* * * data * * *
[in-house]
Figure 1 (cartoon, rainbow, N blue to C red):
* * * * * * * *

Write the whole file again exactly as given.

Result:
[in-house]
Figure 1 (cartoon, rainbow, N blue to C red):